Guernsey boys of summer shining on the diamonds

GUERNSEY – The Guernsey Braves bats are pinging loudly on the ballfields this spring.

According to Guernsey Braves head coach Gordon Noggle, the team is very different from last year’s team, and it’s partly due to older players with more experience who learned many lessons last year in their rookie season.

“We only had one kid who had played Little League last year,” Noggle said. “All these guys were new last year, so that’s the biggest difference.”

Although Noggle doesn’t blow his own horn or the horns of his coaches, the improvement over a year’s time has been marked and somewhat phenomenal. Instead of eight and nine-year-olds, the team has now grown to eight and ten-year-olds, and they also carry a 12-year-old on the roster. 

Last year Guernsey was fielding two teams, but due to a lack of numbers and participation, they have combined forces for one mega-Guernsey team that is set to play a 12-game season; four of those games are home games, and the others are played away in Wheatland.

Most of the teams that play in the Platte County Little League are from Wheatland, but the Guernsey team has started 3-1 and last Thursday night in 40-degree weather, the Braves beat up on the Wheatland Red Sox 20-6. At this point, an 11-8 loss to the Wheatland Cubs is the only thing that stands between them and a perfect season.

This is Noggle’s tenth season coaching little league, and he has made it a part of his family, and all the Noggles are represented, whether it’s setting out equipment, keeping the scorebook, organizing schedules or bringing snacks.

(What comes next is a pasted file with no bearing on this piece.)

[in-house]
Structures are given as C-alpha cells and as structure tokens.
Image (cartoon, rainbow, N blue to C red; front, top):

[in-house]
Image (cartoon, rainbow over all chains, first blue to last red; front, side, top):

Noggle’s wife, Danielle, who keeps the book and master schedule, makes sure her family’s uniforms are clean and ready to go is just a part of the Noggle Little League family experience.

It’s inspiring to watch my husband year after year build skills with these teams,” she said. “Both of our boys have benefited from having a coaching dad, and that just means the coaching doesn’t stop when you leave the field. It’s not always dingers and sunshine, but the kids take something away from each season, and I’m just happy to be a small part of that.”

The hard part about watching the teams compete at this age is the questions surrounding the future.

For Wheatland, the kids can complete Little League and go into the Legion program to continue their high school careers.  

For many of the Guernsey kids, there is no local Legion team, and due to the lower numbers and other logistics, they retire from a sport they love and may be really gifted to play. At this point, if a Guernsey athlete wants to continue his career, he must come up with a lot of money which not only includes the $1000 participation fee, but the travel is either 30 miles to Wheatland or 30 miles to Torrington.

“It’s so hit and miss,” Noggle said. “In the summertime, it’s tough, even for us having a team here. We had one kid in soccer, one in track, a couple that are still doing wrestling, and one kid who races race cars on the weekends. We also have three different kids on travel teams. It’s tough to get a kid here sometimes for a full practice.”

Without a future, decisions are made to be part of sports where they can perhaps find a future and develop more of a passion. According to Noggle, summer is a time for competing against other things

“Guernsey has had a handful of kids in the past go down and play Legion ball,” Noggle said. “A few have done Torrington, and a few have done Wheatland. It just depends upon what age group. Traditional schedules of the past don’t exist anymore, and the face of summer sports has changed.”


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